Prevention & Treatment

Talk to your or your child’s clinician about what is best for your specific situation.

Prevention

Vaccines are the most effective way to protect against certain types of bacterial meningitis. There are vaccines for 3 types of bacteria that can cause meningitis:

  • Meningococcal vaccines help protect against N. meningitidis
  • Pneumococcal vaccines help protect against S. pneumoniae
  • Hib vaccines help protect against Hib

Make sure you and your child are vaccinated on schedule.

Like with any vaccine, the vaccines that protect against these bacteria are not 100% effective. The vaccines also do not protect against all the types (strains) of each bacteria. For these reasons, there is still a chance vaccinated people can develop bacterial meningitis.

Meningococcal Vaccination

Key Facts

There are 2 types of meningococcal vaccines:

  • Meningococcal conjugate or MenACWY vaccines
  • Serogroup B meningococcal or MenB vaccines

Who Should Get Meningococcal Vaccines?

CDC recommends meningococcal vaccination for all preteens and teens. In certain situations, CDC also recommends other children and adults get a meningococcal vaccine. Below is more information about which meningococcal vaccines CDC recommends for people by age.

Preteens and Teens

Taking a complement inhibitor such as eculizumab (Soliris®) or ravulizumab (Ultomiris®) increases your risk for meningococcal disease. Even if you received meningococcal vaccines, you could still get meningococcal disease.

All 11 to 12 year olds should get a MenACWY vaccine, with a booster dose at 16 years old. Teens may also get a MenB vaccine, preferably at 16 through 18 years old.

While any teen may choose to get a MenB vaccine, certain preteens and teens should get it if they:

  • Have a rare type of immune disorder called complement component deficiency
  • Are taking a type of medicine called a complement inhibitor (for example, Soliris® or Ultomiris®)
  • Have a damaged spleen or their spleen has been removed
  • Are part of a population identified to be at increased risk because of a serogroup B meningococcal disease outbreak

Babies and Children

CDC recommends a MenACWY vaccine for children who are between 2 months and 10 years old if they:

  • Have a rare type of immune disorder called complement component deficiency
  • Are taking a type of medicine called a complement inhibitor (for example, Soliris® or Ultomiris®)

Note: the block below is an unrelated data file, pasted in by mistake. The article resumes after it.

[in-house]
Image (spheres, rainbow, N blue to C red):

• Have a damaged spleen or their spleen has been removed
  • Have HIV
  • Are traveling to or residing in countries in which the disease is common
  • Are part of a population identified to be at increased risk because of a serogroup A, C, W, or Y meningococcal disease outbreak

Talk to your child’s clinician to find out if, and when, they will need booster shots.

CDC recommends a MenB vaccine for children 10 years or older if they:

  • Have a rare type of immune disorder called complement component deficiency
  • Are taking a type of medicine called a complement inhibitor (for example, Soliris® or Ultomiris®)
  • Have a damaged spleen or their spleen has been removed
  • Are part of a population identified to be at increased risk because of a serogroup B meningococcal disease outbreak

Adults

CDC recommends a MenACWY vaccine for adults if they:

  • Have a rare type of immune disorder called complement component deficiency
  • Are taking a type of medicine called a complement inhibitor (for example, Soliris® or Ultomiris®)
  • Have a damaged spleen or their spleen has been removed
  • Have HIV
  • Are a microbiologist who is routinely exposed to Neisseria meningitidis
  • Are traveling to or residing in countries in which the disease is common
  • Are part of a population identified to be at increased risk because of a serogroup A, C, W, or Y meningococcal disease outbreak
  • Are not up to date with this vaccine and are a first-year college student living in a residence hall
  • Are a military recruit